You must know all these patterns by going through JAMB past questions for at least the last 15 editions.

4. Study according to the JAMB syllabus

It is expedient to know that studying according to the JAMB syllabus is one the best practical steps to help you excel in writing UTME. Every exam has a specific topic, and the examiners anticipate that candidates will be familiar with relevant material.

Examiners ask forty questions on each topic, except for sixty in the English Language. Use exam-focused texts and previous question research methods under the JAMB syllabus to maximise your study time.

5. Solve at least 10 years of JAMB past questions

To succeed in the JAMB exam, you must study the syllabus several times, modify your study schedule according to the period you have left, and be dedicated to excellent studying.

Since JAMB has been administering exams since the 1970s, its question bank ought to have run out by now. Having known this, you will succeed in the exam by reviewing and solving at least 10 years past questions as you prepare.

In achieving this, use reliable sample questions, read textbooks and past questions, and make sure you understand the questions’ solutions if you want to succeed. You must concentrate on understanding the answers to the questions and consult textbooks for any questions you are unsure of.

6. Practice at least one timed JAMB CBT Software test daily for two weeks before the exam

A timed test lets you practice your accuracy and speed and is comparable to the actual JAMB exam. To get ready, choose a previous year and complete four topics’ worth of JAMB prior questions. Try to finish in the two hours that JAMB allocates for the exam. It would be an advantage for you if you select years that you have not experienced.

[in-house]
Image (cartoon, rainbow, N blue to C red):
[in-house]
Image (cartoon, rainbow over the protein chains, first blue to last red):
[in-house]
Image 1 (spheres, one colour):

7. Be mentally fit for the exam

The most important thing you have to be sure of is being mentally ready for the JAMB exam.

You should shrug off all stress and doubts, and wear confidence as you prepare for the UTME exam.

See yourself as confident, well-prepared, and successful as you play out the exam scenario in your head. This can be accomplished by finding a peaceful area, closing your eyes, and acting out the entire exam day, from arriving at the exam center to gathering your materials, writing the exam, and departing.

Breathe deeply and slowly while listening to it in your head until you feel at ease. This is an optional step, but the only reason to do it is to prepare your mind to take the exam with composure when it comes around. This aids in confidence-building and stress management as tests get closer.

Finally, make sure you have all the writing materials for your JAMB UTME ready. If possible, do not use them for preparations, but make sure you have tested them to ascertain they are in good shape. Also, it will be advisable if you have spare materials to make everything double.

2024 UTME: What students need to do before, during JAMB exam

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MURIC tackles two Enugu varsities for conducting exams during public holidays

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MURIC tackles two Enugu varsities for conducting exams during public holidays 

An Islamic human rights advocacy group, the Muslim Rights Concern (MURIC), has declared examinations conducted in two universities in Enugu on Tuesday and Wednesday 9th and 10th March 2024 illegal, null and void.